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Foodie’s Guide to California Ballparks

At California’s ballparks, the days of limp hot dogs on soggy buns have given way to an era of gourmet grub fit for a foodie—as well as improbable creations that seem to have been conjured by chefs who could moonlight as mad scientists.

Baseball is America’s most traditional sport, and for much of its history, ballpark cuisine has remained pretty basic, says Bennett Jacobstein, author of The Joy of Ballpark Food: From Hot Dogs to Haute Cuisine. Then, in the 1990s and early 2000s, after a wave of stadium construction, a new generation of ballparks accommodating extra concession areas opened and teams began to make food a bigger part of the game experience.

“Nachos and garlic fries have become the new peanuts and Cracker Jack,” says Jacobstein, a retired librarian who now works in concessions at San Jose Giants games. “I’d definitely say that the selection expanded a lot in the ’80s, then after the 1994 strike, teams wanted to get fans back and started adding more selections. In the last 10 years they’ve increased both healthy selections and some that are as unhealthy as can be.”

With five teams in the majors, plus minor-league clubs in the California League and Pacific Coast League, California has a deep lineup of ballpark food—from the classics to the crazy. It’s a good reason to go to the ballpark early and peruse the concession stands before making a selection. After all, there’s only so much you can eat—unless the game goes into extra innings.

Here are the most notable dishes at some of California’s baseball stadiums, listed from north to south.

Matt Jaffe

 

Atomic Hot Sausage

Oakland Athletics, Oakland Coliseum

Though the A’s gave the world the team-building innovations of Moneyball, the Oakland Coliseum concession sticks with an old-school approach to concessions.

Try the Atomic Hot Sausage, a flame-throwing pork-and-beef link from the East Bay’s own Saag’s Specialty Meats—a European-style butcher shop founded in Oakland in 1933. Paprika gives the sausage its kick, and the grilled onions and peppers on top make it a mouth-watering alternative to conventional hot dogs.

So is the stadium’s corn dog. “Handcrafted” is a term that gets tossed around loosely, but these corn dogs are made fresh—dipped in batter and fried while you wait—instead of simply being grabbed out of the freezer, then cooked.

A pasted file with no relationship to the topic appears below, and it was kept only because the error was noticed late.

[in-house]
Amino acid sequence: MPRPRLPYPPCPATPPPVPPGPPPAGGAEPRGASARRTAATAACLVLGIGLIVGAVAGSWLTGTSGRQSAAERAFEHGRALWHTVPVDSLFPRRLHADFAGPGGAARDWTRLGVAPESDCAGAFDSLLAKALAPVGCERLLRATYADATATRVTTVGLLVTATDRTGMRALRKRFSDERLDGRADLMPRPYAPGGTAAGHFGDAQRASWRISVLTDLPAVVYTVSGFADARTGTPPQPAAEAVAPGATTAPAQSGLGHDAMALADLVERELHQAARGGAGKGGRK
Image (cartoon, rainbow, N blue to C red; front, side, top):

Crazy Crab’z Sandwich

San Francisco Giants, AT&T Park

Crazy Crab—perhaps the most loathed “anti-mascot” in the history of American professional sports—may have had only a brief career with the Giants three decades ago, but this cracked crustacean has enjoyed an impressive comeback as a culinary sensation. In this food-mad city, Giants fans line up for the Crazy Crab’z Sandwich, which embodies a few great San Francisco flavors: heaps of Dungeness crab and sliced tomatoes on buttery grilled sourdough.

This being San Francisco, you'll also find more upscale options. Public House, helmed by James Beard Foundation award-winning chef Traci Des Jardins, is a sit-down sports pub with a large selection of local beers on tap, plus beer-steamed mussels and pork belly potato skins.

 

Donut Bacon Cheeseburger

Sacramento River Cats, Raley Field

Although many baseball fans would agree that burgers, bacon, and donuts are among the major food groups, few would ever combine all three into a single sandwich. But the Sacramento River Cats did, and now Raley Field is home to the state-fair-worthy Donut Bacon Cheeseburger.

This sweet-and-savory caloric collision features a third-pound patty of locally raised beef blanketed by sharp cheddar and applewood-smoked bacon, then nestled between two locally made glazed donuts that have been warmed on a grill. For a bonus round of indulgence, try the deep-fried cheesecake for dessert, with a side of blackberry dipping sauce.

 

Fried Asparagus

Stockton Ports, Banner Island Ballpark

The Central Valley town of Stockton bills itself as the “Asparagus Capital of the World,” and to honor this hometown favorite, Banner Island Ballpark serves up deep-fried asparagus with dipping sauces at a cart along the first baseline.

If you crave more than vegetables at the ballpark, try the Stockton Ports’ latest hot dish: Carolina BBQ Pulled Pork Nachos. Taylor McCarthy, the Ports’ director of marketing, admits this dish came about accidentally while the team was testing recipes. After running out of buns, testers added pulled pork to tortilla chips from Stockton’s popular Mi Ranchito restaurant. From there, the concept evolved with more toppings, including chives and deep-fried onion straws.